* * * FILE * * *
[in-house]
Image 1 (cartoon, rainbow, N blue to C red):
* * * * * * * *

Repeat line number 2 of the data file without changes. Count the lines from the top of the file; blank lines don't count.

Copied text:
Image 1 (cartoon, rainbow, N blue to C red):